The Lady Bird director espouses filmmaking as a team game and writing scripts inspired by personal memory. And while her movie might have leaked as a DVD screener, it is worth a BluRay purchase or buying a digital HD download. Here’s why.
It maybe wasn’t until we saw her as the lead in modern rite-of-passage classic, Frances Ha, that we truly accepted Greta Gerwig as the indominable screen talent that she is. She rose though the ranks of the ‘mumblecore’ revolution in films such as Hannah Takes the Stairs and Nights and Weekends, has dipped her to into the clammy pools of mainstream Hollywood, and has also fallen in with hyper-literate New York comedy director Noah Baumbach. Now, she’s moved behind the camera for her delicious feature debut. Lady Bird, the story of a outspoken teen (Saoirse Ronan) awkwardly (and often amusingly) transitioning into adulthood.
Lady Bird received its world premiere at the Telluride film festival. Has it been non-stop for you since then? Gerwig: It has been non-stop since Telluride. Every time I show it, I have nerves, but it’s been very meaningful to give it to an audience. The film really stops being yours at that point, because they start owning it. Then people start coming up to me and telling me their stories about dropping their son or daughter off at college, or telling me about fights they had with their mother. It feels like it literally starts belonging to other people.
That sounds very bittersweet. It is, but that’s why you do it. You want to let people own it themselves and you don’t want to keep it as your own secret. I love Emily Dickinson, but I’m not Emily Dickinson. I’m far too social. I can’t imagine making a bunch of art and never really showing it to anyone. I like the process of how a film, at each step, is owned by more people. You find a producer, you bring that person on. You find your crew, you bring those people on. You find your cast, your editor, your composer. By the time you give it to the public, you’ve shared your dream world with all these different people.
How do you translate that dream world to other people? It’s a lot of work. But I was very lucky, my cinematographer Sam Levy is someone I’ve worked with as an actor and he’s photographed things that I’ve co-written with Noah Baumbach. I knew that he had a way of shooting cinema that was driven bywords, yet he could make it cinematic. I’m a word-driven writer. I love dialogue and have a very precise script that I don’t change when we’re shooting. He is a person who can collaborate with me to make it something that feels like it exists in the world of film. So we spent a very long time creating shot lists and storyboards, but also just hanging out and talking about movies and photographs and paintings and looking at references. You find these kindred spirits, but then you lay all this groundwork which is both directly talking about the project, but also just spending a lot of time with each other.
Did you reach a point where you thought, ‘Everyone gets it, we can go now?’ Yeah, pretty early on. We did a ton of tests, with cameras and lenses – because we were using old lenses – and did all this work with the postproduction colourist who was messing with the footage in New York and trying to establish what we wanted the film to look like. Sam looked at some of the lenses, and I went through a ton of them too, but then he said, ‘OK, here are my top five, and I’m not going to say anything. Tell me which one you like’.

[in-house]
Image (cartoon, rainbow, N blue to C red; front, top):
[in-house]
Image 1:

Top five lenses? Yeah. So I looked through the lenses and looked at the sample footage from each and picked number three. And he said that was the exact one he liked. When things like that happen you feel like everyone is on the same page. Then everyone looks at the screen test together to see it, and when every department says, ‘Yes that’s the right kind of lighting,’ or, ‘that’s the right location’, you feel like everyone is together. Also, when my costumer brought me a particular sweater that she used for Lady Bird, the sweater was almost a Proustian memory for me. I said, ‘I’d completely forgotten about this sweater, but it’s completely right’.
How much of Lady Bird is, for you, a Proustian memory? Well, none of it literally happened. It’s not a documentary, it’s completely fictionalised. But at the same time, there’s a core of emotional truth at the centre which resonates very deeply with what I know to be true. I’m interested in memory. I’m interested in the cinema of memory. I think about Fellini’s Amarcord a lot, and the way you get this sense when you watch it of, ‘No, that’s not what happened, but that is what that moment felt like’. The way he saw everything is heightened, but it also feels somehow correct. I think I’m interested in personal cinema. Not autobiographical cinema but personal cinema.
Is it difficult to build truth into fiction that isn’t autobiographical? It’s interesting. I’m always interested in the way fiction – and, in a way lies – can serve a greater truth in art. I guess one way to see it is fiction, and another way to see it is lies. But, to go back to Fellini, he says, “All art is autobiographical. The pearl is the oyster’s autobiography.” I thought that was a great way to explain it. In a way, and maybe it’s because I make films, I don’t have too much of a fascination with whether or not something is quote-unquote ‘true’. When I watch movies I don’t think of it that way, I don’t want to go to Wikipedia and see what matches up.
Make sure to follow Lady Bird and when it hits BluRay, download and streaming options. Interview conducted by LWL for Where You Watch.